“Actually made far better than is necessary:” Herter’s Fishing Lure Molds

by Kristine Schmucker, HCHM Curator

Goin' Fishing! Ralph Farrell & Bob Schroeder. HCHM Photo Archives

Goin’ Fishing! Ralph Farrell & Bob Schroeder. HCHM Photo Archives

Before Cabela’s, or even Wal-Mart, where did the serious fisherman (or woman) get supplies?  From 1930 until the early 1970s, the answer was the mail order company located in Waseca, Minnesota – Herter’s.

Herter's Catalog Cover, 1966

Herter’s Catalog Cover, 1966

The owner, George Herter,  produced catalogs that advertised a wide variety of gun, hunting, camping and fishing supplies.  Herter was a master pitchman.  He wrote all the copy for the catalog, some over 700 pages,  claiming the superiority of Herter’s produce over products sold by his competitors. His products, he bragged, were “actually made far better than is necessary.” 

Recently a set of Herter fishing lure molds were donated to the museum with instructions on how to make.

Throughout the 1970s, Herter’s business declined as people shopped at K-Mart, Wal-Mart, and eventually, the ‘big box’ stores, like Cabala’s.   The Herter’s Company went bankrupt in 1981, and George Herter died in 1994 at the age of 83.

The Herter’s name is still used by Cabela’s on a line of  pistol ammunition and some clothing.


K-Mart, Sporting Goods Dept.  1801 W. 1st, Newton, 1979

K-Mart, Sporting Goods Dept. 1801 W. 1st, Newton, 1979. HCHM Photo Archives.

Doug Lodermeier, Minneapolis, MN, noted the importance of Herter’s, not only to Minnesota, but the whole industry.

“This Minnesota institution changed hunting and fishing in the state . . . It caused an explosion in the popularity of these activities . . . It put Minnesota on the map as a sportsmen’s paradise.  And, it dramatically changed the economics of retail. . . Herter’s was the beginning of a model that is still being perfected today and has caused the rapid decline in smaller, family-owned stores. . . Cabela’s wouldn’t exist without Herter’s.”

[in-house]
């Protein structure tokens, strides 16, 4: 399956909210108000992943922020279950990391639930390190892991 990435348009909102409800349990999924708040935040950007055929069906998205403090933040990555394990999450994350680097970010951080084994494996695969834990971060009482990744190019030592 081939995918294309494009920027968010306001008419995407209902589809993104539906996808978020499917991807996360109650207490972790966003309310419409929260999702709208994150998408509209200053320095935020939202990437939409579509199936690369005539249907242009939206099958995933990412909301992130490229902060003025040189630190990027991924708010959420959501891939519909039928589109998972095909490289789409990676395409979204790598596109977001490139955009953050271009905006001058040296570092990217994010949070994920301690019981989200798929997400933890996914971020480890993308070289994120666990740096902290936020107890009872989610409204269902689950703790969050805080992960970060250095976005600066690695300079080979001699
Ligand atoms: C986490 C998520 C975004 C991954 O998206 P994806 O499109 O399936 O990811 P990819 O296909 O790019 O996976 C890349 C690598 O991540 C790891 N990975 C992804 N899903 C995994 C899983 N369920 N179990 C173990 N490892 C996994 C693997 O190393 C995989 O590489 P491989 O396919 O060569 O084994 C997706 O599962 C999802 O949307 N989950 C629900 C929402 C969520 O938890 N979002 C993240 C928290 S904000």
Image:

Do you have a favorite Herter’s product?


  • http://discovery.mnhs.org/MN150/index.php?title=Herter’s%2C_Inc.
  • http://www.nytimes.com/2008/12/07/books/review/Collins-t.html?_r=0
  • http://gunlore.awardspace.info/gunknow/herter.htm
  • http://austinthompson.org/Thingmaker/FishingLures.shtm

Favorite Things: Gas Model Airplane

by Kristine Schmucker, HCHM Curator

On July 19 a new exhibit, Stuff We Love, will open at HCHM in the Schroeder Gallery.  The exhibit will feature objects and collections that are favorites of museum staff, board and volunteers.  So far, a wide variety of objects, documents and photos have been picked, many that don’t typically fit into exhibits, but have a wonderful story.  Be sure to stop by the museum sometime this summer and fall to enjoy this eclectic exhibit.

One of the objects picked is a new addition to the museum’s collection. Built by Jack Hay in 1975, the  light weight gas model airplane was one of the first he put together.  Hay was an early leader in the Newton Area Radio Control Club or NARCC and helped establish the club in the 1970s.

The model has a note attached to the registration certificate:

“If this model becomes lost, finders are requested to notify the owner immediately.”

NARCC continues to meet on a monthly basis at Southwest 14th Street to fly various radio controlled aircraft.   They acquired this location, which features a 17″ x 350″ asphalt runway, around 1980 .

This model airplane is a wonderful addition to our collection; stop by after July 19 to see it yourself!




Sharing Stories – Connecting Community

museum line drawing